WEST REGION ANALYSIS By John Feinstein
Don't Count on an Early Exit This Year for Jayhawks
This bracket has everything: great teams, great story lines, upsets waiting to happen and some serious angst to be played out along the way.
Let's start with the No. 1 seed, Kansas. When you think Jayhawks, you have to think Bucknell and you have to think Bradley. Those were the low seeds, a 14 and a 13, that sent the Jayhawks flying out of the first round the past two years. This year's candidate for Cinderella slipper is the winner of the dreaded play-in game between Niagara and Florida A&M. (Note to committee: Niagara won 11 in a row down the stretch! Are you anti-Calvin Murphy or something? Further note to committee: If you guys had any guts at all you would have had Illinois play Purdue in this game. Strong memo to follow.)
Kansas isn't losing this year's first-round game. It won't lose to Kentucky or Villanova ( great all-Wildcats first-round game) either. These Jayhawks play serious defense, perhaps the best in the country. In fact, Kansas should cruise to the region final. Virginia Tech got a great first-round matchup in Illinois. If the Hokies don't win that game, it will be a sad ending to the school's first tournament appearance in 11 years. The committee gave Seth Greenberg and company a gift with that first-round matchup and even gave them a winnable second-round game: the Southern Illinois-Holy Cross winner. The Salukis ought to win that game, but Holy Cross Coach Ralph Willard is as dangerous as anyone with four full days to prepare.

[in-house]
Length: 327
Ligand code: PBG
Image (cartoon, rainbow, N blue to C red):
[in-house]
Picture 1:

None of those teams is beating Kansas in the round of 16. Book the Jayhawks for the final.
In the bottom half, UCLA, which might be the second-best defensive team in the country, also should have little trouble reaching the round of 16. It will handle Weber State and then the winner of Indiana-Gonzaga. In almost any other year, Gonzaga would be an easy choice to beat Indiana, but Mark Few's team has had so much off-court trauma and trouble that it will be a difficult game. Whoever survives goes home two days later.
The committee showed a little sense of humor by putting Pittsburgh in the same bracket as UCLA. Not only did UCLA Coach Ben Howland build the program at Pittsburgh, he put Panthers Coach Jamie Dixon in position to succeed him four years ago. The problem is getting both teams through the first weekend. UCLA won't have any trouble, but Pitt could struggle against the Duke-Virginia Commonwealth winner.
How in the world Duke got a No. 6 seed for any reason other than the fact that Mike Krzyzewski will appear in three of every five commercials during the tournament is a mystery. But the committee did the Blue Devils no favors with a matchup against VCU. The Rams are just the kind of quick, up-tempo team Duke struggles against, and Eric Maynor might steal the ball from Greg Paulus about 47 times. Still, the Duke aura and Krzyzewski make it silly to count out Duke.
The dream final is Kansas-UCLA because both are so good on the defensive end of the floor. Bill Self has been to the region final with three schools: Tulsa, Illinois and Kansas. This could be -- should be -- his year to take the next step.